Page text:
The following Value Added Tax guidance note Produced by Tolley provides comprehensive and up to date tax information covering:
This guidance examines a number of important issues related to partial exemption.
For an overview of partial exemption more broadly, see the Partial exemption ― overview guidance note.
For in-depth commentary on the legislation and case law, see De Voil Indirect Tax Service V3.460.
If a partly exempt business fails to recover input tax that it is entitled to in the correct VAT return period, then it can normally make a ‘belated’ claim for the input tax. There are time limits (or ‘capping rules’) on making this sort of claim and input tax cannot be claimed more than four years after the due date for the VAT return it should have been included on.
If the annual adjustment is not capped under the capping provisions, but earlier periods covered by the annual adjustment are affected, the business can use the annual adjustment to recalculate the amount of recoverable VAT for the longer period. However, if a business has made an error in an earlier period, it cannot use the annual adjustment to correct that error. The business must use the corrected figures when undertaking the annual adjustments; however, the VAT amount must not be adjusted. Please see the Annual adjustments (longer period adjustments) guidance note for more information.
Belated claims (whether made via an error notification or any other means) must be based on the partial exemption method in place at the time the input tax was incurred.
When making such a claim, the business should consider the knock-on effect on other input tax deducted in that VAT return period and the relevant longer period calculation. For example, if a business is using an inputs-based method and it makes a revision to either the taxable or total input tax values, this will alter the amount of residual input tax deductible. The business must also reconsider the de minimis position for the initial tax period and longer period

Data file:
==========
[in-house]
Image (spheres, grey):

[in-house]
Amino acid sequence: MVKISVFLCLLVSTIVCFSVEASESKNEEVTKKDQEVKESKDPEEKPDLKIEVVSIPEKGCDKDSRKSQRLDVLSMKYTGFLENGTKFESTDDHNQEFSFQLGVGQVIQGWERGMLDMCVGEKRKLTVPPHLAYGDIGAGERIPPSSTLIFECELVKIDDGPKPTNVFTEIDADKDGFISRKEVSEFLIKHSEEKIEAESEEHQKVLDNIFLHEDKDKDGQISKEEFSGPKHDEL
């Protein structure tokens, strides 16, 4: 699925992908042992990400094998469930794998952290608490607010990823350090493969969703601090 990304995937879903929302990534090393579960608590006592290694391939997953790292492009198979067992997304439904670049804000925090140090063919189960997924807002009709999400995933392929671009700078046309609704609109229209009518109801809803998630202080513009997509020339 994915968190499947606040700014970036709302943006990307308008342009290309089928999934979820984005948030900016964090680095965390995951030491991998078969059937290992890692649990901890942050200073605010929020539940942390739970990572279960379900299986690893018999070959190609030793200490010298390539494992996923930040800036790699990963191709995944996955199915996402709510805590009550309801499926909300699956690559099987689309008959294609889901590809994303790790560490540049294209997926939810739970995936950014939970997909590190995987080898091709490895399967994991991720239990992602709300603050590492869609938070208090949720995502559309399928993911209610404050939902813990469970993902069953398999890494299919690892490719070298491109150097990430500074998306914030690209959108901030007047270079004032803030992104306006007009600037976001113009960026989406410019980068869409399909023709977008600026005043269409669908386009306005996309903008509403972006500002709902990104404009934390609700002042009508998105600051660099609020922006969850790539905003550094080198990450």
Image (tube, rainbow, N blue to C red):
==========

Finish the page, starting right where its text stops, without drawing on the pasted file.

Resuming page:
**Free trials are only available to individuals based in the UK. We may terminate this trial at any time or decide not to give a trial, for any reason.
Access this article and thousands of others like it free for 7 days with a trial of TolleyGuidance.
Read full article
Already a subscriber? Login
Capital vs revenue expenditureExpenditure of a capital nature is not allowed as a deduction when calculating trading profits. Expenditure of a revenue nature is allowable, provided there is no specific statutory rule prohibiting a deduction and the expenditure also satisfies the wholly and
‘Bed and breakfasting’ was the pre-1998 practice of selling shares and repurchasing them the following day. This technique can still be used in a modified form to achieve capital gains tax (CGT) savings for current or future tax years using:•a spouse / civil partner•a self-invested pension plan
A time to pay arrangement, which may also be referred to as TTP in practice, is a negotiated agreement between HMRC and the taxpayer to allow for tax to be paid after its due date.The guidance in this note applies to individuals under self assessment and companies paying corporation tax. It does not
IP COMPLETION DAY: 11pm (GMT) on 31 December 2020 marked the end of the Brexit transition / implementation period entered into following the UK’s withdrawal from the EU. At this point in time, key transitional arrangements came to an end and significant changes began to take effect across the UK’s
To view our latest tax guidance content, sign in to Tolley Guidance or register for a free trial.